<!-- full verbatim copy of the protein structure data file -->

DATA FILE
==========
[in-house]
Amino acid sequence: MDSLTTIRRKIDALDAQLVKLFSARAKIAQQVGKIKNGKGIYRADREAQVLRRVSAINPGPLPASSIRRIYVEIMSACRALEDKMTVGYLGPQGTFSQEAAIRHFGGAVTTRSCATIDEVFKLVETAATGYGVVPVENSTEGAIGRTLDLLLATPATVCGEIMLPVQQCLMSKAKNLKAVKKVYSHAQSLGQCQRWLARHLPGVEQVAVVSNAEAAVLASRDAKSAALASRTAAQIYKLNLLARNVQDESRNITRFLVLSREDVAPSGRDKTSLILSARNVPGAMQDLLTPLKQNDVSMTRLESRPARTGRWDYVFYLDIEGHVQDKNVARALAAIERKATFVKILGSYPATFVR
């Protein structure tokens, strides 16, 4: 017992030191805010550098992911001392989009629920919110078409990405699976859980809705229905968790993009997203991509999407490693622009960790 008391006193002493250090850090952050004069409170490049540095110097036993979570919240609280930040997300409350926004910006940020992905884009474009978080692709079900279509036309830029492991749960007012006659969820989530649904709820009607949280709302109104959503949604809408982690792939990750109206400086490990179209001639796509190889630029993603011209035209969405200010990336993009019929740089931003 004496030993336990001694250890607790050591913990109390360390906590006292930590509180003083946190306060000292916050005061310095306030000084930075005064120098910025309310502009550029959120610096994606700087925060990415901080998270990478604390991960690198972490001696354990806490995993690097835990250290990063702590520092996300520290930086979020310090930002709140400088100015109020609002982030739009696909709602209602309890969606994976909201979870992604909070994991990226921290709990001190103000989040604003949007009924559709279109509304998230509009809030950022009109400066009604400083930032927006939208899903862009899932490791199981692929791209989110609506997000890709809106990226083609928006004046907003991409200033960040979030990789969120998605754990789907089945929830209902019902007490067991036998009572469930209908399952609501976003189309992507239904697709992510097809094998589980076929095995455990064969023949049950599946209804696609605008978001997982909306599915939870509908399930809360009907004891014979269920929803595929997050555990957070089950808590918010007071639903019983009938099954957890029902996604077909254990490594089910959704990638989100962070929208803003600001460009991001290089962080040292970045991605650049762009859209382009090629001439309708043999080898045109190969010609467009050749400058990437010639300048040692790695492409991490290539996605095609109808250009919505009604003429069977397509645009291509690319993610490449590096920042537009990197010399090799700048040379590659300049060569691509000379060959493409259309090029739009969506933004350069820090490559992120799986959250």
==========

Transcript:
[in-house]
Amino acid sequence: MDSLTTIRRKIDALDAQLVKLFSARAKIAQQVGKIKNGKGIYRADREAQVLRRVSAINPGPLPASSIRRIYVEIMSACRALEDKMTVGYLGPQGTFSQEAAIRHFGGAVTTRSCATIDEVFKLVETAATGYGVVPVENSTEGAIGRTLDLLLATPATVCGEIMLPVQQCLMSKAKNLKAVKKVYSHAQSLGQCQRWLARHLPGVEQVAVVSNAEAAVLASRDAKSAALASRTAAQIYKLNLLARNVQDESRNITRFLVLSREDVAPSGRDKTSLILSARNVPGAMQDLLTPLKQNDVSMTRLESRPARTGRWDYVFYLDIEGHVQDKNVARALAAIERKATFVKILGSYPATFVR
């Protein structure tokens, strides 16, 4: 017992030191805010550098992911001392989009629920919110078409990405699976859980809705229905968790993009997203991509999407490693622009960790 008391006193002493250090850090952050004069409170490049540095110097036993979570919240609280930040997300409350926004910006940020992905884009474009978080692709079900279509036309830029492991749960007012006659969820989530649904709820009607949280709302109104959503949604809408982690792939990750109206400086490990179209001639796509190889630029993603011209035209969405200010990336993009019929740089931003 004496030993336990001694250890607790050591913990109390360390906590006292930590509180003083946190306060000292916050005061310095306030000084930075005064120098910025309310502009550029959120610096994606700087925060990415901080998270990478604390991960690198972490001696354990806490995993690097835990250290990063702590520092996300520290930086979020310090930002709140400088100015109020609002982030739009696909709602209602309890969606994976909201979870992604909070994991990226921290709990001190103000989040604003949007009924559709279109509304998230509009809030950022009109400066009604400083930032927006939208899903862009899932490791199981692929791209989110609506997000890709809106990226083609928006004046907003991409200033960040979030990789969120998605754990789907089945929830209902019902007490067991036998009572469930209908399952609501976003189309992507239904697709992510097809094998589980076929095995455990064969023949049950599946209804696609605008978001997982909306599915939870509908399930809360009907004891014979269920929803595929997050555990957070089950808590918010007071639903019983009938099954957890029902996604077909254990490594089910959704990638989100962070929208803003600001460009991001290089962080040292970045991605650049762009859209382009090629001439309708043999080898045109190969010609467009050749400058990437010639300048040692790695492409991490290539996605095609109808250009919505009604003429069977397509645009291509690319993610490449590096920042537009990197010399090799700048040379590659300049060569691509000379060959493409259309090029739009969506933004350069820090490559992120799986959250």